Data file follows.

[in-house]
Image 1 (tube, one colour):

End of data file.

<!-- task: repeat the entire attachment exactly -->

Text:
[in-house]
Image 1 (tube, one colour):